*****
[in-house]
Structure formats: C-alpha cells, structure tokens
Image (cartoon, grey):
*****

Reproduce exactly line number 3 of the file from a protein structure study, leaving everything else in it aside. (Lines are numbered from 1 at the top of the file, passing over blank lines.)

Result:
Image (cartoon, grey):